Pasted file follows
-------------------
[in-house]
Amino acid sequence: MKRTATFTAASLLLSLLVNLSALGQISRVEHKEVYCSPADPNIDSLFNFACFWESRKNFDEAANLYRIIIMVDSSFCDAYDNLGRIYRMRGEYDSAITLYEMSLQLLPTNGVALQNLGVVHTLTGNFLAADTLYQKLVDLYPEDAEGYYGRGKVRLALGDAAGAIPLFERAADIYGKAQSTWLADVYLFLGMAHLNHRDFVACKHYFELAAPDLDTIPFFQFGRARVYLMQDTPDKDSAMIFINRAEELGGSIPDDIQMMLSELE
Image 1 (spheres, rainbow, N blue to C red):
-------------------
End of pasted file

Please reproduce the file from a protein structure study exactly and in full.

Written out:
[in-house]
Amino acid sequence: MKRTATFTAASLLLSLLVNLSALGQISRVEHKEVYCSPADPNIDSLFNFACFWESRKNFDEAANLYRIIIMVDSSFCDAYDNLGRIYRMRGEYDSAITLYEMSLQLLPTNGVALQNLGVVHTLTGNFLAADTLYQKLVDLYPEDAEGYYGRGKVRLALGDAAGAIPLFERAADIYGKAQSTWLADVYLFLGMAHLNHRDFVACKHYFELAAPDLDTIPFFQFGRARVYLMQDTPDKDSAMIFINRAEELGGSIPDDIQMMLSELE
Image 1 (spheres, rainbow, N blue to C red):